Art and nature intersect in AMP!’s newest project, “The Elapsing City,” a public art contest themed around climate change. Maria-Serena Poli, a professor of geography and geology, gave a free presentation in King Hall on Wednesday to educate artists on the topic and provide information on how to submit designs.
Poli, a paleoclimatologist, studies the climates of the past. She has been speaking about global warming for eight years. Her presentation, “Global Warming: Causes, Consequence and Possible Solutions,” was designed to inform potential competitors about the subject of the art project.
To open the presentation, Poli showed a photo of the famous Emanuel Gottlieb Leutze painting of George Washington crossing the Delaware River.
“As you can see, the river is covered with ice, something that has not happened in 40 years,” Poli said.
She went into detail about the process known as the greenhouse effect, thought to be one of the major causes of climate change.
Poli stressed that the greenhouse effect is a natural and beneficial phenomenon, as the average global temperature of the Earth would be zero degrees Fahrenheit without it. But gases like carbon dioxide and methane aggravate the greenhouse effect and cause what is known as global warming.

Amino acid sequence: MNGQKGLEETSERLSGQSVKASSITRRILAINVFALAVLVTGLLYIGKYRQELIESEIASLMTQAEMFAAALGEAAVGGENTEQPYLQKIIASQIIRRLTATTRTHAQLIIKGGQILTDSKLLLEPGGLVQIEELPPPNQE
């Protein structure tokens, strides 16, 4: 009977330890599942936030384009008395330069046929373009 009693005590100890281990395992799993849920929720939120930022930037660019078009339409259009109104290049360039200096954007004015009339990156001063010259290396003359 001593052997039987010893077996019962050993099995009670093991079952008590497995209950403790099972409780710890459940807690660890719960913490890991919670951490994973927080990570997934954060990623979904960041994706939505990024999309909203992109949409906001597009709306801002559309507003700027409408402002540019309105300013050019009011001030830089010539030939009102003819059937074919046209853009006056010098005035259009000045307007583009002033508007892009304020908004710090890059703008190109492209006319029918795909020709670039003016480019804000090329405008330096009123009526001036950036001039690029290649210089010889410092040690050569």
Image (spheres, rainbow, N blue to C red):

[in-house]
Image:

“I’d compare [the greenhouse effect] to chocolate chip ice cream,” Poli said. “It’s good, but too much can be bad.”
Graduate arts administration student Mei Mei collaborated with AMP! to give life to “The Elapsing City.” The science-tinged art project is part of her graduate thesis project, which aims to encourage EMU artists to combine art and science.
“I’m from China – the air pollution is very serious there,” Mei said. “Since I’m here, I find the climate change is global.”
Now in her second year in Michigan, she drew some inspiration from the harsh weather patterns experienced in the Mitten State.
“It seems like the winter never ends,” Mei said.
AMP!, or Amplifying the Arts, is the group behind Eastern Michigan University’s television program “Clash of the Creators” and functions as the student organization for those involved in the university’s arts management programs. The competition is open to any EMU student interested in participating.
The organization hopes to promote awareness of climate change and its effects through the contest. Students may enter proposals based on phenomena related to climate change, and the winner of the competition will be awarded $750 to fund his or her artwork.
Additionally, the winner’s art will be displayed on EMU’s campus and exhibited in the Mark Jefferson Science Building in September 2014. The due date for entry into the contest is April 22, which is also Earth Day.
For more information on AMP!, visit emuamp.com or the group’s Facebook page, facebook.com/emuamp. For more information about the contest, contact Mei at email@example.com.
Does anyone else notice how there are ZERO specifics ...